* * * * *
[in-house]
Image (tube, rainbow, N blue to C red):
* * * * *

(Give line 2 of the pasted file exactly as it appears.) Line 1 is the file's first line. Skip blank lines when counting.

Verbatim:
Image (tube, rainbow, N blue to C red):